Life of poet is work in progress

A powerful new book on the life of Derek Mahon sent Thomas McCarthy back to Mahon’s four key works, The Yaddo Letter, The Hudson Letter, The Yellow Book and Harbour Lights.

Life of poet is work in progress

After the Titanic: A Life of Derek Mahon

Stephen Enniss

Gill and Macmillan, €29.99

AMONG the countless blessings I thank God for, my failure to find a house in Ireland comes first” a relieved Evelyn Waugh once wrote to Nancy Mitford. Reading Stephen Enniss’ astonishing and revelatory biography of the poet Derek Mahon, the reader becomes acutely aware of the potential grief of an Irish literary life; and the ambiguity of that word home.

Mahon is the only child of a blameless and hard-working father who became an inspector of engines at Harland and Wolff and of a frugal mother who had worked at a local flax-spinning company. Practical parents, settled in their golden post-War Protestant Arcadia, they couldn’t see the point of poetry. Armed with a fearsome gift, their poet-son set out to prove them right after he won his school’s Forrest Reid Memorial Prize for the poem ‘The power that gives the water breath.’

They never understood how a life in literature might be important; and his dear mother, Maisie Harrison, constantly worried over the uncertain, peripatetic life her son had chosen.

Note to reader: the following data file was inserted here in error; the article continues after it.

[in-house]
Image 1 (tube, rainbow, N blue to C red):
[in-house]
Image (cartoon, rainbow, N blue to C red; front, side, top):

Her letters to him quoted here bear an uncanny likeness to the pleading letters of Seán Ó Ríordáin’s mother when she hears about that famous fire in the sanatorium.

Most letters will remain unanswered, though in collection after collection Mahon will assemble his own Adhlacadh mo Mháthair. The displacement caused by a change of social class, from the child of a shipyard worker to a leader of the Irish intellectual elite, as well as the great disruption caused by broken adult relationships, combine powerfully in the best work of Derek Mahon to create a poetry as magnificent as a sheet of Belfast steel and as painful as the Blues.

Stephen Enniss, a distinguished librarian and archivist, goes through the battlefield of Mahon’s life in this biography, checking the wounded and detailing the injuries. He gets closer than any other scholar to the interior life of the poet, though he is alert to the fact that “one of the points of tension in his work lies along that line of negotiation between self- revelation and self-concealment.”

Enniss is uniquely placed to check through the wreckage of most Irish poetry. For years he assembled the great Amory University archive of Irish writing, one of the last American gifts to Irish posterity. His book is a breath-taking analysis of extant materials, a fact-checking of poetic memory against the written records. Like Borges, he has heard all the conversations inside the archives; and this book is a report upon those irrefutable dialogues in the context of Mahon’s published work. This is a sophisticated and ambitious book. The bibliography and chronological list of individual poems is a work of Allen Wade-like diligence and his very close reading of Mahon’s obsessive revision of texts is hugely impressive and scholarly.